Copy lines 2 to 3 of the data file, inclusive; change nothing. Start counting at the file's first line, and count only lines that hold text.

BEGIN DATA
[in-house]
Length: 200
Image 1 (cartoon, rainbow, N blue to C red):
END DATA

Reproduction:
Length: 200
Image 1 (cartoon, rainbow, N blue to C red):